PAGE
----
short-term visas to people the Immi-
gration Service deems politically or
ideologically subversive. However, the
amendment makes no change in the
regulations regarding applications for
;residency or citizenship in the U.S.

restriction on visitation
This portion of the McCarren-Walter
Act is now under legal attack in the
case of a group of individuals popu-
larly referred to as the "L.A. Eight."
The U.S. Immigration Service has
been attempting to deport seven Jorda-
nians and one Kenyan, charging them
with membership in the Popular Front
for the Liberation of Palestine, which
the U.S. calls a terrorist organization.
A federal judge has already barred the
deportation, maintaining that four sec-
tions of the McCarren-Walter Act are
unconstitutional and a restriction of the
right to free speech.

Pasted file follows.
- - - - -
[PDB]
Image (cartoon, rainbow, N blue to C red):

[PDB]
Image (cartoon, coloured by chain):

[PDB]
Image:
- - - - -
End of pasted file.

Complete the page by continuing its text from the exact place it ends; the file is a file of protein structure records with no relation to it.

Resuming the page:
The Senate's repeal will not have
any effect on this trial because the L.A.
Eight were permanent residents, not
citizens. The freedom of speech is one
of the most basic rights guaranteed by
the Constitution, and it is unfair for the
U.S. to deny this right to resident
The other remaining provisions of
the McCarren-Walter Act continue to
restrict entry, for example of people
believing in polygamy or people with
"deviant sexual practices." It is time
this act, an unfortunate remnant of the
McCarthy-era hysteria, is overturned
and rewritten to exclude such narrow-
minded restrictions and limits on free

By John H. D'Arms
Commencement, ideally, is richly-mean-
ingful academic ritual, where ceremony and
celebration balance each other in fine equi-
librium. When, in full academic regalia,
universities simultaneously bid farewell to